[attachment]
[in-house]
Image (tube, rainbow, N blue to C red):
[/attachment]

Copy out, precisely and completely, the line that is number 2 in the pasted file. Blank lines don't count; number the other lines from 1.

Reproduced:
Image (tube, rainbow, N blue to C red):